In loco isto dabo pacem (In this place I will give peace) is Pluscarden Abbey’s motto, and the feeling of peace is what is most commented on by those who visit this 13th century  monastery, tucked away in a beautiful corner of Moray, in Scotland. For me, Pluscarden is not only a place of peace but a spiritual home, not just whenever I come back to the Abbey, but since I was born. In fact, my family’s connection goes back to 1948, when the first five monks from Prinknash arrived to reclaim the ruins of Pluscarden after more than four centuries. My grandmother was one of the local Catholics who welcomed the monks and helped them in every way she could; she attended the inauguration Mass that year, together with my mother and my uncle, who was one of the altar servers. My grandmother became an oblate, as did my parents (my father’s involvement with Pluscarden dated from when my parents got married; later he was received into the Church in the Lady Chapel there and now he is buried in its cemetery). My sister and I were taken to Mass at the Abbey as babies and whenever we stayed with my grandmother, so I knew the Mass in Latin and could sing Gregorian chant by the age of 10. I made my first Confession with Fr Maurus, the oblate master at the time, who also received me as an oblate novice when I was 18. It took quite a few years for me to finish the job and make my final oblation, but the intervening years did nothing to lessen my love for Pluscarden and the Benedictine way of life.

As with many oblates, I live far from the monastery, which makes each visit special. There is a moment during the first Mass I attend there each time I come which I particularly relish: the first lines of Psalm 121 sung at Terce at the end of Mass. Laetatus sum in eo quid dixerunt mihi: “In domum Domini ibimus” (I rejoiced when I heard them say: “Let us go to God’s house.”). I thank God and think: “and now my feet are standing within your gates, at Pluscarden”. I was blessed to be able to go on pilgrimage to the Holy Land nine years ago, and I rejoiced to recite that psalm as the coach approached Jerusalem. But for me Psalm 121 will always transport me to the south chapel of the Abbey, looking at the beautiful carving of Our Lady of Pluscarden.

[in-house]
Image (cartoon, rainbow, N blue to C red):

It is always a huge boost when I am able to attend oblate events at the Abbey, but that is not often. It was therefore a great blessing when I discovered, through friends who are oblates of Minster and who know Pluscarden, that there was a meeting, every three months or so, of Minster oblates in London, to which I was welcome. These oblate Saturdays were a wonderful opportunity to discuss a part of the Rule, an aspect of our Faith, thoughts on the next day’s Gospel,to recite Sext and None together, and to catch up on news, ask for advice, tell interesting incidents over a coffee and packed lunch. When the pandemic struck, these meetings in person were suspended and are now held via Zoom, changing the format but also enabling others, who could not get to London, to take part from their homes, including Sr Benedict, oblate mistress of Minster. This has been one of the “silver linings” of the cloud of the pandemic! Another was the Zoom pre-Advent day-retreat with Dame Laurentia Johns organised by the UK oblate team, which was most inspiring.

The Church contains a vast tapestry of spiritualities that can help and guide each member into finding the path best suited to each one in order to come closer to God. He calls us to follow His will in the daily occurrences of our lives, but we are greatly aided when we can find what, for each of us, can become our spiritual home. I have been helped by many spiritual influences during my life, but I am so grateful to have found my spiritual home in Pluscarden, through the Providential hand of God, who brought my grandmother to move to Elgin in 1945. It has led to three generations of oblates within my family, and a steady ripple of other family members and friends who have benefitted from coming to the Abbey and receiving help, grace and peace. In loco isto dabo pacem.

 

Penelope Coate     Oblate of Pluscarden Abbey

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